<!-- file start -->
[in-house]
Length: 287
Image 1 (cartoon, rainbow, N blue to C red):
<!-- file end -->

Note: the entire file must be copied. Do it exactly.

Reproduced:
[in-house]
Length: 287
Image 1 (cartoon, rainbow, N blue to C red):